>Dear Steve Harvey (and other self-appointed black relationship gurus):
I’ve noticed that you all have written books recently designed to give black women some insight as to why they can’t supposedly find a man. Through your poorly-research books, you have attempted to take the pulse of black men and women and apply blanket assumptions about both genders when it comes to relationships.
With these assessments, you continue to perpetuate the myth that when it comes to “black love (whatever that is),” black women ultimately are the problem.You continue to say black women are ultimately responsible for why they can not land and keep a good black man.
You men continue to tell us that we are gold diggers when we seek men who are on the same financial wavelength as we are. We are lambasted as being materialistic and only wanting a black man if he has good shoes, a nice car and a sizable bank account.
You self-righteous men tell us that we are overlooking good brothers; that we always want the low-down brothers who don’t want anything to do with us. We are accused of being attracted to the bad boys and consistently ignored the brothers who have something going for themselves.
We are accused of having too high of standards. We are accused of being meticulous in what we want from men. We are berated for having a check list and will push a brother to the side if he doesn’t meet the criteria.
It’s ironic that in your books (or your lectures, interviews, blog entries), you never point out the “problems” of black men. Black men, according to you all, are the victims of a racist, white patriarchal society and we should continue to wait for a brother to get his act together. We should patronize a brother’s ego because it’s been so bruised from fighting the white man all day. We should constantly encourage our brothers and give them a steady stream of positive reinforcement because the deck is stacked against them. Black women, you all should say, should continue to support “black love” and “black unity” for the sake (and survival) of the black community.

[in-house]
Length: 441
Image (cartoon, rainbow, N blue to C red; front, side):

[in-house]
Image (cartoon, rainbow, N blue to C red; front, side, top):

As a black woman, I take offense to your patronizing and demeaning depictions of black women in America. I take offense to your notion that me and my “high” standards are the problem. It’s funny how no other group of women are accused of having set their standards too high. Believe it or not, black women are just like any other group of women who want the basic characteristics in their men: motivated, go-getters, financially stable, shows respect for all women, provides moral support, etc. Why is it okay for other women to have these standards, but it’s not okay for black women to have them?
Black women, too, are victims of a racist, patriarchal society that on a daily basis devalues our womanhood. Black women and children are preyed upon in our own communities by other black men. Black women and children are victimized by the thugs and criminals in our own communities. Black women are routinely having children out of wedlock and our baby daddies don’t bother to provide financial support or to be a father to his children. Black women’s bodies are routinely used for the pleasure and entertainment of men, including black men. We are constantly gawked (and mocked) at for our features and exploited for our supposedly Amazon-like sexual qualities. Black women are exoticized, yet ostracized by our society and by the black “community.”